New York disease turns out to be West Nile virus

THE OUTBREAK of mosquito-borne disease in New York has taken another sinister turn. The disease was not, as scientists had believed, St Louis encephalitis: instead, it is a variant of West Nile virus, a disease hitherto found only in Africa, the Middle East and parts of West Asia.

United States health officials fear that the disease may now become prevalent in the Americas. Researchers for the Centers for Disease Control and Prevention (CDC) found the virus in birds that had died in the city.

The city of New York and its outskirts were sprayed with malathion, a pesticide, in an effort to destroy the mosquitoes that spread the disease. "It's a big surprise to us to see this virus in this part of the world," said Duane Gubler, director of the CDC's Division of Vector-Borne Infectious Diseases. The spread of infected birds as they migrate south for the winter could rapidly take the disease to central and South America, where it could be far harder to control.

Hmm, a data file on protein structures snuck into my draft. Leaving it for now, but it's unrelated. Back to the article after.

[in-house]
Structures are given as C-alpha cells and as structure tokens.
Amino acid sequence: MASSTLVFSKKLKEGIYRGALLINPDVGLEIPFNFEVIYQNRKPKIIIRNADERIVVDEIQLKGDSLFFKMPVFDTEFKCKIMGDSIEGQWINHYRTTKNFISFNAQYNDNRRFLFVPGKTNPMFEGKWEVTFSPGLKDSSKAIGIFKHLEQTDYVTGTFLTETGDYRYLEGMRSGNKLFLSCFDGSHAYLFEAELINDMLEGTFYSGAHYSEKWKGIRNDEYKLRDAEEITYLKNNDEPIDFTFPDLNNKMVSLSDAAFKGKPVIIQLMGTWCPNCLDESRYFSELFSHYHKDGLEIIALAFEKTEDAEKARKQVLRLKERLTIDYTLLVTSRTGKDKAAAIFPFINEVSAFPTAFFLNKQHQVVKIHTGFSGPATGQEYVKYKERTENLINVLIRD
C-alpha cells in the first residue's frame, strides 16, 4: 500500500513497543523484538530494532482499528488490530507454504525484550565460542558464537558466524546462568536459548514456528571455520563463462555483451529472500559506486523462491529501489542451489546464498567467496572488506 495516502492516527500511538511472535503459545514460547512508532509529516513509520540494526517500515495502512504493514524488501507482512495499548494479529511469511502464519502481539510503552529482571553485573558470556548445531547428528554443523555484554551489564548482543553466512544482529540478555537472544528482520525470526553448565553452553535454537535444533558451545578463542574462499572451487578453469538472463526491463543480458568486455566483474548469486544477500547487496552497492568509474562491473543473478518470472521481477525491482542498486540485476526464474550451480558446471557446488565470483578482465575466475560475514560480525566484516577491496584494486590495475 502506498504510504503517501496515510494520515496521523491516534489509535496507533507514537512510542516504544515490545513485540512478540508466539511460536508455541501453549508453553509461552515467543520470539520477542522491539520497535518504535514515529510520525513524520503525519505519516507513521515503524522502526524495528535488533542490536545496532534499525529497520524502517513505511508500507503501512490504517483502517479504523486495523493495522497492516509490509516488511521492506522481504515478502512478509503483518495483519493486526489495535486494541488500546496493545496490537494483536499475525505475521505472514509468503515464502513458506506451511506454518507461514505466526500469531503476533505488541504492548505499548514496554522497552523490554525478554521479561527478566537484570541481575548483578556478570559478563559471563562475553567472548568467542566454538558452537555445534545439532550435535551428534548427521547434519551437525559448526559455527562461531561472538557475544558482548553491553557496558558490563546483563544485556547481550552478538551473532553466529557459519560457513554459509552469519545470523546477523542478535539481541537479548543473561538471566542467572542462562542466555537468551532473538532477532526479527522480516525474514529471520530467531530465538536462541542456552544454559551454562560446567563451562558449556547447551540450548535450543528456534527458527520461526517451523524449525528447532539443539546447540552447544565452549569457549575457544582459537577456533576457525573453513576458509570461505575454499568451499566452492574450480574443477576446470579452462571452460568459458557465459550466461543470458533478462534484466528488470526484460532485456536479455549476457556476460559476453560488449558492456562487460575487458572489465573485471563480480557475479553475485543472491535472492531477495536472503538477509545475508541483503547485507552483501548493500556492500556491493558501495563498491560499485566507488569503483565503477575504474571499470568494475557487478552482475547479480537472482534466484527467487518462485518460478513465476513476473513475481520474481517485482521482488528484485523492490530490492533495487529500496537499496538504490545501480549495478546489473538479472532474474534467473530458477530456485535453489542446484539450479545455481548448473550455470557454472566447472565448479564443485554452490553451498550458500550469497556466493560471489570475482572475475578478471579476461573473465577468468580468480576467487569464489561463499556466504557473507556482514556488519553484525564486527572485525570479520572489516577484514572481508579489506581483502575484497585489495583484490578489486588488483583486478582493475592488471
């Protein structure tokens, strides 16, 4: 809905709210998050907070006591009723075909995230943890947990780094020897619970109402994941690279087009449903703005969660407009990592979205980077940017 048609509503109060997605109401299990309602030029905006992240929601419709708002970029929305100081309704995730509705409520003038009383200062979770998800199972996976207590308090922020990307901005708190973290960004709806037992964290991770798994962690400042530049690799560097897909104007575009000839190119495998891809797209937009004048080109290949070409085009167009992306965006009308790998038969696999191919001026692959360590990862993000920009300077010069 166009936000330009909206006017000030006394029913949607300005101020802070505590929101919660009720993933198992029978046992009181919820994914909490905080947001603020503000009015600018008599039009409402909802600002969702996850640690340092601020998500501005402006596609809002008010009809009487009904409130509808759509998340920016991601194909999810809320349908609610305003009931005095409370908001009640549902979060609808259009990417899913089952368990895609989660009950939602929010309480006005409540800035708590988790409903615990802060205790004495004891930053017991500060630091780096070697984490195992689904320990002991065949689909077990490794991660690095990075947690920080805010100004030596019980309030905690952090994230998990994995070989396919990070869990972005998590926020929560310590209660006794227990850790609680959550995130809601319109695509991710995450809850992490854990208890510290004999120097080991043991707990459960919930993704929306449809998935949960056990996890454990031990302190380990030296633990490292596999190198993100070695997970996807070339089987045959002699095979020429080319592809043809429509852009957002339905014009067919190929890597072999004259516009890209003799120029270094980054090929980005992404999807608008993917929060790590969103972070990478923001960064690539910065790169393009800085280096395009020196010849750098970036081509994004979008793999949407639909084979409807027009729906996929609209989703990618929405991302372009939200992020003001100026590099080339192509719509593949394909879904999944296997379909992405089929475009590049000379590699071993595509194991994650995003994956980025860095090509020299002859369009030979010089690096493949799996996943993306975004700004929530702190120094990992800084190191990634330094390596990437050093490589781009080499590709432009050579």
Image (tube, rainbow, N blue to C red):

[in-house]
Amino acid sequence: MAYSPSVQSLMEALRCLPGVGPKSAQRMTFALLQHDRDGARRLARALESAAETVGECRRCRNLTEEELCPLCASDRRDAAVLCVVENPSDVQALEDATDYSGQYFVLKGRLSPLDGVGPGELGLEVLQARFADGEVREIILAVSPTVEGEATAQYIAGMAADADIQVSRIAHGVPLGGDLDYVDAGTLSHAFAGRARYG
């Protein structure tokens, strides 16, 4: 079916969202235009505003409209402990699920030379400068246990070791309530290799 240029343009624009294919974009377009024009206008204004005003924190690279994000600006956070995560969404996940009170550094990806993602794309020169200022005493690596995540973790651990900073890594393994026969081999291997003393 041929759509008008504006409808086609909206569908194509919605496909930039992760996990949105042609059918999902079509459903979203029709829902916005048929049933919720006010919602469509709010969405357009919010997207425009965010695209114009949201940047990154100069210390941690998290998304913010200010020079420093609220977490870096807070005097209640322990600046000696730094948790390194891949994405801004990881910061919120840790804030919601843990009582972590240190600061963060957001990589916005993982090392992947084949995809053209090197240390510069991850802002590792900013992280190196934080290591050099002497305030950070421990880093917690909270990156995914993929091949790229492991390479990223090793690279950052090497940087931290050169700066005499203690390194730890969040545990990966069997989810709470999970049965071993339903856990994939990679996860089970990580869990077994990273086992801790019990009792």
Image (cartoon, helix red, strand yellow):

Both viruses are spread by mosquitoes. But the new virus may be spread directly from humans to mosquitoes and back again, while St Louis encephalitis spreads from birds to mosquitoes, and thence to people.

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